Family is everything to the Mob. It’s the age-old rule of what not to touch – and precisely where to hurt someone the most. A gangster flick concealing an attempted family drama, director Jimmy Giannopoulo opens The Birthday Cake’s narrative ten years ago; fitting given the film’s decade-old aura.
A young Giovanni (Shiloh Fernandez), the nephew to the last remaining Mafia boss in Brooklyn, struggles to breathe in the family legacy. Soft, warm, yet determined to maintain the perception, Gio grapples with the recent loss of his father, taking solace with his cousin Leo (Emory Cohen), local preacher (Ewan McGregor) and crocked police office uncle Ricardo.
Gio’s father’s death is never unearthed, nor treated with the mystery one would dig for amidst the corruption of crime. It’s treated as a narrative device to push for empathy. The resulting journey of a young man falling victim to organised crime instead becomes a series of stereotypical vignettes as Gio traverses the Brooklyn streets carrying his mother’s cake, a gift for Uncle Angelo’s birthday. From a chance encounter with perhaps cinema’s most stereotypical crooked feds to the film’s saving scene with the comedic styles of a ganja-smoking Luiz Guzman as a love guru cab driver – The Birthday Cake’s individual scenes aren’t all feeble, but as a complete structure serve as a stop and start, plummeting any momentum or atmosphere.
When you hear the names Vincent Pastore, Paul Sorvino, William Fichtner and John Magaro, you’d be mistaken for making a snap judgement of The Birthday Cake’s calibre. But as much as this may sound like a gangster’s paradise, it couldn’t be more drab and lacklustre in execution. To squander such immeasurable talent for the sake of a few cameos in rushed sequences with zero development is more distracting than anything. And as expected, occasional performances are phoned in, playing stock characters they’ve been perfecting for decades. And when you’re finale dinner involves a Soprano, a Goodfella and a Prisoner – expectations are quite rightly stratospheric.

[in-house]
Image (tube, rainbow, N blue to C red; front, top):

But there is an endeavour in moments, with a welcome return for Val Kilmer, who had stepped back somewhat from larger roles following his treatments for throat cancer. And though utilising a voice box to communicate, the dedication to a visual performance to convey emotional intent comes over without words. Though in the minority, the women throughout the film tend to have more understandable motivations and diverse emotions. Ashley Benson and Clara MacGregor are squandered as Mob girlfriends, but Lorraine Bracco, playing Gio’s mother, places herself as a crux of the story with the minimal screen time she has.
Layer upon layer of distracting faces emerges throughout, dressed in wash-out costume to blend them into the backdrops, each utilised without effort or purpose outside of their history or connotations with the drama. And it isn’t solely visually, the film’s score is jarring concerning the images on a screen. And while admirable to make efforts in changing the typical score for a gangster thriller, Giannopoulos’ composition cannot quite mesh with the film’s aesthetics or palette.
But then again, it’s rather difficult to source accompanying music given the cramped and stilted cinematography. Sean Price William’s framing of the film takes place between the streets of Brooklyn and lavish indoor Mafia spaces, blanketing colour and distorting many shots as the lighting at times wash out any detail within the shot. This approach leaves of the film bathed in bold colours with no purpose of impact.
There is nothing inherently offensive or violent, which is itself an issue for a gangster film, but despite such a rich roster of rogues, The Birthday Cake is nothing to celebrate. Bringing nothing different, serving up only meagre slices slathered in filler to disguise the blandness, no one should be more interested in the taxi driver with the munchies in a violent, serious mafia flick.
Available in cinemas and on-demand from Fri 16 Jul 2021